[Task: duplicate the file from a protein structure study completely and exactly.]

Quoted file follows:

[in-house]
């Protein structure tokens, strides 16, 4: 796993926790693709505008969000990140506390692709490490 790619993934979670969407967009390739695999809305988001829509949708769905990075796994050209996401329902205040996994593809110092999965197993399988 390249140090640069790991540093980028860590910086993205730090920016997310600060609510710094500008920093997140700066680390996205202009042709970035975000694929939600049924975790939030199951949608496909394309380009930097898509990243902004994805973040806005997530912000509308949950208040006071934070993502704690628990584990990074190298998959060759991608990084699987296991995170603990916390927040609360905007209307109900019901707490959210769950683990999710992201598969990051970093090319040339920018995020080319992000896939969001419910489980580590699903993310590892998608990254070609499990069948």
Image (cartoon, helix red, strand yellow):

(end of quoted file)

[in-house]
């Protein structure tokens, strides 16, 4: 796993926790693709505008969000990140506390692709490490 790619993934979670969407967009390739695999809305988001829509949708769905990075796994050209996401329902205040996994593809110092999965197993399988 390249140090640069790991540093980028860590910086993205730090920016997310600060609510710094500008920093997140700066680390996205202009042709970035975000694929939600049924975790939030199951949608496909394309380009930097898509990243902004994805973040806005997530912000509308949950208040006071934070993502704690628990584990990074190298998959060759991608990084699987296991995170603990916390927040609360905007209307109900019901707490959210769950683990999710992201598969990051970093090319040339920018995020080319992000896939969001419910489980580590699903993310590892998608990254070609499990069948």
Image (cartoon, helix red, strand yellow):